Within minutes of each of other, Washington House and Senate lawmakers approved a bill Friday that makes some legislative records public starting in July — but shields records that already exist.
The votes came about 48 hours after lawmakers announced a sweeping proposal to remove the Legislature from the state Public Records Act and set new guidelines for the disclosure of some laws.
Senate Bill 6617 passed the Senate, without debate, 41-7. Minutes later, House lawmakers took it up and approved it 83-14.
The Legislature has long claimed that it is exempt from Washington’s voter-approved Public Records Act.
Last year, several news organizations, including The Associated Press and The Seattle Times, had challenged that exemption.
A court ruling in January declared legislative leaders had violated the open-records act.
Lawmakers proposed SB 6617 on Wednesday and gave it a hearing Thursday.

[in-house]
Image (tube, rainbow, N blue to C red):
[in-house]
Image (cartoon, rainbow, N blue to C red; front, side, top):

“This bill actually provides more transparency for the state Legislature,” said Senate Majority Leader Sen. Sharon Nelson, D-Maury Island and co-sponsor of the bill, as she introduced it Friday onto the Senate floor.
The other co-sponsor, Senate Minority Leader Mark Schoesler, R-Ritzville, rose to the floor, saying, “The recent court order is completely unworkable.”
All but a handful of House and Senate lawmakers declined requests by The Seattle Times to comment on the bill Thursday and Friday.
One of the few lawmakers who did comment, Rep. Christine Kilduff, D-University Place, said the bill “wholly disrupts” state open-government laws.
“Succinctly put, the bill is a body slam to open government and the accountability that our citizens expect and deserve,” Kilduff, who voted against the bill, wrote in an email.
Legislators have long claimed an exemption to Washington’s voter-approved Public Records Act. Under that law, local and state government offices routinely release documents such as calendars, emails and investigation reports.
A judge in January ruled that legislative leaders violated the state Public Records Act for failing to disclose records.
The Legislature has appealed, and the matter may wind up before the state Supreme Court.